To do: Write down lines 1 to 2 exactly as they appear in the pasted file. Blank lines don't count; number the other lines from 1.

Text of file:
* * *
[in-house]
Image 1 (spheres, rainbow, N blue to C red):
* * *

[in-house]
Image 1 (spheres, rainbow, N blue to C red):